It’s a stark irony that the aforementioned Liberal branch would espouse the idea of “praying the gay away” – because frankly, most queer people have already given it a try; in their own way, on their own time.

Growing up as a gay youth, schoolyard bullying came packaged with weekly religious studies classes. I would lie in bed and call out to whatever ancestral deity careened across the sky: if I woke up the following morning a heterosexual with no interest in my male peers, I’d forever follow his teachings. When I awoke, despite endless praising of His name, I was not heterosexual.

"The results of gay conversion therapy, according to science, range from increasing
emotional distress to furthering self-hatred."

“The results of gay conversion therapy, according to science, range from increasing
emotional distress to furthering self-hatred.”

Photo: Shiutterstock

Of course, if The Lord doesn’t answer your prayers, there’s always the option of hashing out your concerns with a therapist. Which I did. But only after my inner turmoil devolved into suicidal ideation as a goddamn fourteen-year-old.

“They think I’m weird,” I’d tell a child psychologist, about how the other boys in school saw me, about “the way I was”.

It was as if I carried a secret that everyone could see but doubtless held me down – though I was not long off knowing what it was.

I would have wanted nothing more than to change – to be “normal”. To be one of the boys. If you’d told me there was a magic pill I could take to reconstruct the coding of my DNA and straighten myself out, a-la The Matrix, I would have dropped it in a heartbeat. I can think of a plethora of homosexuals who would have probably done the same. It could’ve been our new ecstasy.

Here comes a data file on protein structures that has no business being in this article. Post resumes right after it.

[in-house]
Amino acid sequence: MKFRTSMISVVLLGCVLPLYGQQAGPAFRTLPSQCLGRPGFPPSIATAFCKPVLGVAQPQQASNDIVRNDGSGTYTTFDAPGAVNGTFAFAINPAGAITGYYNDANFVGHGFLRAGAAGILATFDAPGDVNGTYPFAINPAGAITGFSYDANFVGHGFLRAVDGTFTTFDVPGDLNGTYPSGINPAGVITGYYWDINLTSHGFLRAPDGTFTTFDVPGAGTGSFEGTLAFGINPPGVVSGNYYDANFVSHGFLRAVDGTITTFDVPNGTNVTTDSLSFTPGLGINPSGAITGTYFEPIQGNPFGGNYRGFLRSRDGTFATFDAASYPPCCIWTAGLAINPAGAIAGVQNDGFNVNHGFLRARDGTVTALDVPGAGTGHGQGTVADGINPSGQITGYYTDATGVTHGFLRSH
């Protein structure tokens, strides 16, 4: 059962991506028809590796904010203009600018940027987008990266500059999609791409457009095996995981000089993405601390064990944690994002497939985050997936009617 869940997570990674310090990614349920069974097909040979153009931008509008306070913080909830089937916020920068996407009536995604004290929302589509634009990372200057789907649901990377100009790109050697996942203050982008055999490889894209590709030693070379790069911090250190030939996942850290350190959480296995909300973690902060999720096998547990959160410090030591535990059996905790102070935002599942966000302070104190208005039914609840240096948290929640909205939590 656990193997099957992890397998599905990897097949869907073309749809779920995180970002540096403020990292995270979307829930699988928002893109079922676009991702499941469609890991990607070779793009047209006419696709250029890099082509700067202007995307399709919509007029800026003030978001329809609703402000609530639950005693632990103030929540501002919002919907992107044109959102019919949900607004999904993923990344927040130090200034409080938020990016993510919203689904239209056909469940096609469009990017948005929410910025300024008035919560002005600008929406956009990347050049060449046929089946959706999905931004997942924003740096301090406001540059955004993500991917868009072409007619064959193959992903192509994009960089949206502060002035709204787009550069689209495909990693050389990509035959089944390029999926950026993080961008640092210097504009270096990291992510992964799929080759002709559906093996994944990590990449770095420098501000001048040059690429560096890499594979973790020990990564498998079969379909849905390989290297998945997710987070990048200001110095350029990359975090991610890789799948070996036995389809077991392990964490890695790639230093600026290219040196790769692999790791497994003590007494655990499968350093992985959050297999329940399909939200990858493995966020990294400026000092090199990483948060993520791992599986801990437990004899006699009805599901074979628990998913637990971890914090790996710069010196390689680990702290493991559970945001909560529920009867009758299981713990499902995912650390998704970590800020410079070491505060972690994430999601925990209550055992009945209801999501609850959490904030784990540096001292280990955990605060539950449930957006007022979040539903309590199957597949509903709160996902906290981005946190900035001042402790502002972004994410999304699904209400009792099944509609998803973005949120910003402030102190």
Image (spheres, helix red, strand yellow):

And yet such a reversal continues to elude us – for the best. What we really should be funding is how to treat homophobia, as, according to research, it’s liked to be based around repressed desire for the same sex. (Fred Phelps, anyone?)

Instead of taking steps at dispelling cognitive dissonance, though, by coming to terms with these thoughts, through talking to friends, therapists, or setting up dates with me (Don’t be shy, Israel Folau), many homophobes instead attempt to change the world around them. And their focus always seems to be on the most malleable among us: our children.

Ordinarily this kind of sinister obsession with kids would be cause to phone the police. But in the era of Trump, Putin and bizarre same-sex marriage opinion polls, programs that claim to “pray the gay away” have never felt more normalised in the public discourse.

Gay conversion therapy, according to science, can lead to anything from increasing emotional distress to suicide. Such was the case when in 2014, a trans teen named Leelah Alcorn took her own life after receiving a form of the treatment, prompting the introduction of a new U.S. law which would see it banned.

It’s also been widely disproven, health bodies deeming it cause for alarm. In fact, one of the only studies showing gay conversion therapy could ever work was so thoroughly debunked that, years later, the conductor of the study came forward to apologise for it.

Regardless, attempts to “cure” gayness have persisted, whether through therapy, electroshocks – or more horrific practices like “excessive bicycle riding”.

Between bullying, isolation and the slowly surfacing notion that your life will not be easy and this world is going to hurt you, the idea of a therapy that can change your sexuality and rob you of your shame is seductive. But I’m glad, now, that gay conversion doesn’t work. Because to survive self-hatred and adversity as part of a marginalised group, is to be a more compassionate, loving person. It’s to grow up having a heightened sense of community and empathy – because you’re aware of how brutal the world is, having lived it yourself.

And these Liberals – who I’d like to think are an ultra-conservative minority – are endangering lives by propositioning the therapy as a valid and viable practice. Because it just doesn’t work. And it never, ever will.

Morning & Afternoon Newsletter

Delivered Mon–Fri.



Source link